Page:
AWS re:Invent 2022: How Neiman Marcus transitioned to developer-first security

Écrit par:

December 12, 2022

0 minutes de lecture

At this year’s AWS re:Invent conference, Snyk’s VP of Product Marketing, Ravi Maira, spoke with Omar Peerzada, Cyber Security Architect at Neiman Marcus, about how his team transitioned from older security practices to a developer-first security strategy. Watch the full talk now, or keep reading for the highlights.

From legacy to cloud

Peerzada explained that Neiman Marcus, a 100-year-old company, was one of the first retailers to embrace digital transformation. At the beginning of its transition, the company worked with a lot of legacy infrastructure and applications. The typical problems that plague an on-prem system (scalability, performance, and security) were the key drivers that forced Neiman Marcus to look beyond on-prem to cloud.

Mapping the journey: What did the move look like?

Maira asked, "What did the move to cloud look like? How did that transformation happen?"

After a lot of research, they chose AWS as their cloud partner. Next, they created a group called the Cloud Center of Excellence, who was responsible for deploying the DevSecOps practices across the organization. They build pipelines, ensuring that security is embedded at different gates. They also provide a scalable architecture for developers to work within security guardrails.

Peerzada pointed out that with scalable architectures in the era of digital transformation, it’s critical that security is not compromised. Now, in their sixth year since shifting to cloud, Peerzada's team has migrated almost 90% of their workloads from on-prem to cloud.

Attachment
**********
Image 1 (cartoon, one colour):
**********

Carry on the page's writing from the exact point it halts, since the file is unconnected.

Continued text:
Answering the pivotal question: Who owns cloud security?

"So," Maira said, "you’ve moved into the cloud. You’ve got your cloud migration started. How did the security part of the process get started, and what were some of the early lessons from that?"

The million dollar question that every organization grapples with: who owns cloud security? Is it the devops team? Is it the traditional infosec team? Or do you have a cloud security team? That is where you look to leadership for guidance.

Peerzada’s team decided that their Cloud Center of Excellence was best suited to run the cloud security program, because they were the “team on the ground” with hands on the process — but that they would have to operate within the larger guardrails of the company’s security policies. Within those guardrails, the team could choose the tools they’d use for security. This was a critical decision that enabled the Cloud Center of Excellence team to operate at scale, without blocking product teams in the company’s fast-paced environment.